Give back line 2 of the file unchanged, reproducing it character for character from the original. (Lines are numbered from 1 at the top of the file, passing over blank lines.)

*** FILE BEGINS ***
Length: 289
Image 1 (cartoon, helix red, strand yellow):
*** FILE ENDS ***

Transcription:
Image 1 (cartoon, helix red, strand yellow):